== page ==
Exercise can cause sore muscles, and the degree of muscle soreness after a workout varies based on the type and intensity of the exercise, ranging from barely noticeable to extremely painful. You can alleviate this discomfort by employing one of these effective strategies.
What Causes Muscle Soreness in the First Place?
According to the American College of Sports Medicine (ACSM), sore muscle after exercise, also known as delayed-onset muscle soreness (DOMS), is a sign that you have inflicted damage to your muscle tissue. When this damage, characterized by micro-tearing, occurs, your body initiates the repair process by triggering inflammation at the injured site.
Certain types of workouts, especially those that are new to you, more intense than your usual routine, or involve a lot of eccentric movements, will likely cause more damage and muscle soreness than other types of workouts.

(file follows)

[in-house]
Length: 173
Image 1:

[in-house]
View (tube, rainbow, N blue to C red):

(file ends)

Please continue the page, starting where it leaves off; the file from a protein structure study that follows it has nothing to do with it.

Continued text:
Sore muscles can be beneficial, but it should not last too long
Torn and inflamed muscles may sound detrimental, and in our everyday lives, we aim to minimize inflammation due to its association with chronic diseases, as research has shown. However, Arent suggests that some level of inflammation can serve as a crucial signal for muscle growth and repair. By aiding your muscles in their recovery from damage, they are more likely to regenerate and become stronger and larger. Aren’t emphasizes that the goal is not to entirely prevent inflammation but to swiftly manage it.
6 Things You Can Do During and After Your Workout to Alleviate Muscle Soreness
- Stay Hydrated During and After Your Workout
- Right After Your Workout, Utilize a Foam Roller (Self-Myofascial Release) or a Massage Gun
- Consume a Meal Within 30 Minutes Following an Intense Workout
- Ensure You Get Sufficient Sleep
- On the Day Following an Intense Workout, Engage in Light Exercise
- Avoiding NSAIDs
Get in touch with us at Attuned Vitality if you have any question. Dr. Wendy can help and lead you the way to recover from your muscle soreness.